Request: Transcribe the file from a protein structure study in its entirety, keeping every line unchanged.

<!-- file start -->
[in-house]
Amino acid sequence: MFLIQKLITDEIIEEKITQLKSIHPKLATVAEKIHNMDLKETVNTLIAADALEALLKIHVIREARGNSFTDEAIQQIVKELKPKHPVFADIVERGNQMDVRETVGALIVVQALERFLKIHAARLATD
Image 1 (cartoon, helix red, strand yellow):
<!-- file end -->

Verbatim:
[in-house]
Amino acid sequence: MFLIQKLITDEIIEEKITQLKSIHPKLATVAEKIHNMDLKETVNTLIAADALEALLKIHVIREARGNSFTDEAIQQIVKELKPKHPVFADIVERGNQMDVRETVGALIVVQALERFLKIHAARLATD
Image 1 (cartoon, helix red, strand yellow):